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Map 0 to 1 and 1 to -1 on both the reference sequence and the received bit sequence, and then correlate; an inversion will also just invert the sign. If that mapping is hard to do on the received signal, because it's not yet decided, just use an appropriate high-pass filter: that would convert your (noisy) monopolar sighal to a bipolar one, centered around ...


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Ive seen online sdrs have a mixer that downconvert the frequency band to baseband and then its sampled I think your question can be answered by clearing up the misunderstanding that made you write this part of your question. All data captured by an SDR is translated down from its original frequency down to being centred around a frequency of 0 Hertz (...


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To align the samples (and realigning with different filter implementations) consider implementing actual timing and carrier recovery loops, or using those discriminators and approaches to manually correcting the offsets as would be done in those acquisition and tracking loops. This will put you on the road toward an actual implementation when the transmitter ...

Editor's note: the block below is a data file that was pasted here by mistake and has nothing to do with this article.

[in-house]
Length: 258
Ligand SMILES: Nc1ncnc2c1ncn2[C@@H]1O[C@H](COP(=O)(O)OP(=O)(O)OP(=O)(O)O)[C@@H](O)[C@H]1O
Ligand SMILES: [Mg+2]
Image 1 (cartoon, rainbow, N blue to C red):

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I'm not familiar with what Gnu radio offers, but in pure signal processing terms, you're way overthinking this. You just need a plain old PLL, with a plain old phase detector that multiplies the incoming signal with the NCO output, a plain old loop filter, and a plain old NCO with a sine wave output. This is the sort of PLL you'd use in a synchronous AM ...


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The script below is my solution for my case. I hope that it could be useful for anyone facing the same issue. The code can be directly pasted in a "Embedded Python Block". I wrote some comments to explain the mechanism. I hope you find well. Any kind of improvement is welcome! import numpy as np from gnuradio import gr import pmt class ...


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